Water is wonderful.
It provides relief from the hot summer sun. Water lets you soak and swim with family and friends. It makes it easier to maximize your workouts and push body to the brink.
However, it can also be incredibly hazardous.
According to the Centers for Disease Control and Prevention, 10 people die every day from unintentional drowning–and two are typically children 14 or younger.
These facts are frightening, especially because drowning can happen in an instant.
Luckily, drowning is almost always preventable, and everyone who is spending time on, in or around water has a responsibility to keep everyone else safe.
Here is a look at some important water safety tips that can help make sure you (and your family and friends) have a wonderful time with water this summer:
1. Teach the tots
Teaching children water safety and swimming skills as soon as possible is an incredibly effective way to keep them safe around water–especially because drowning is a leading cause of death for children between the ages of 1 and 14.
2. Watch everyone around water
When it comes to keeping one another safe around water, you can’t assume that someone else is doing the watching. Assign someone as the “designated watcher,” but even if you aren’t designated, keep your eyes on everyone too. Remember, drowning can happen incredibly fast, so make sure you maintain constant visual contact.
3. Never swim alone
This is one of those water safety tips that some people may think does not apply to them, especially athletes and avid swimmers. But, it really does apply to everyone. Cramps and fatigue can set in quickly and at unexpected times. And when they do, you’ll be safer if there is someone there to help.
4. Learn to love life jackets
Not many people like them and even fewer love them, but life jackets are easy to love once you know that about 1,000 people die every year in the United States because they have been in boating accidents. And, about 90 percent of all of those people were not wearing life jackets when they went into the water.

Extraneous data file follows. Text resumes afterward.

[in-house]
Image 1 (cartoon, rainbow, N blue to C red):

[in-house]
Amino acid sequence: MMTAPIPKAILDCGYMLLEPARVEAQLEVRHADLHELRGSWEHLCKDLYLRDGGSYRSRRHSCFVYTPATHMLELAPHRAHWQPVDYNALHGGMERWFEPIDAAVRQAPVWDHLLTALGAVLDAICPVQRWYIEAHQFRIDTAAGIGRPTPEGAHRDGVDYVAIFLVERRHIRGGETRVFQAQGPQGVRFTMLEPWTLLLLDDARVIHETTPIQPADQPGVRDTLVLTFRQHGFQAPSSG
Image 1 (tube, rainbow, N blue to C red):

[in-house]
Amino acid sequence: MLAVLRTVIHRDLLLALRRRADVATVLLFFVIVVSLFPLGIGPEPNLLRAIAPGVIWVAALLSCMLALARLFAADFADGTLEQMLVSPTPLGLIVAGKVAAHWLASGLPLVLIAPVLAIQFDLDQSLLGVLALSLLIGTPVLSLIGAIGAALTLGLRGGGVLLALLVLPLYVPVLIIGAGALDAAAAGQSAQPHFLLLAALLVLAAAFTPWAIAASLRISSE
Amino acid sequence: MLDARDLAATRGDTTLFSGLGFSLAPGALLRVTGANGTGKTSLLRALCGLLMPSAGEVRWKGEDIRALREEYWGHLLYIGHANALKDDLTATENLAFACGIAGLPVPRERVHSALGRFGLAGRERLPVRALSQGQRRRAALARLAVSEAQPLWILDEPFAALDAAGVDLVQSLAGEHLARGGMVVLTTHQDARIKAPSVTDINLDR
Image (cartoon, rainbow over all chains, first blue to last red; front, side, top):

5. Know when and how to dive
Not all water-related dangers have to do with drowning. Some involve diving. Each year hundreds of people across the country hurt themselves by diving into shallow water, diving in the dark or trying an unusual dive or trick. Don’t risk it. Instead, make sure you know when and how to dive.
6. Reach or throw
This is one of those water safety tips that can be difficult to follow. When people see someone in distress, the first instinct is often to physically go to the person and provide aide. But that’s not the best way to save someone. In fact, it can put you in harm’s way. Instead, reach for the person or throw something to help the person float. You’ll both be safer.
7. Make sure the water is safe
New Hampshire is home to many great swimming lakes, and the ocean is always just a short drive away. However, that doesn’t mean you should simply swim anywhere. You need to make sure the water is safe before you jump in. As a general rule, it is always best to swim in designated areas.
8. Follow the simple water safety tips
These water safety tips should almost go without saying, but sometimes they are easy to forget, so here goes: Don’t run around water. Don’t drink too much when you are supposed to be watching others. Avoid horseplay. Learn CPR. Always have a phone nearby and ready to call 9-1-1.
Derry Medical Services supports good clean fun and wishes you a safe and happy swim season. And, if you need to talk about integrating exercise such as swimming into a healthy routine, consider contacting one of our talented DMC Primary Care Primary Care providers for an appointment.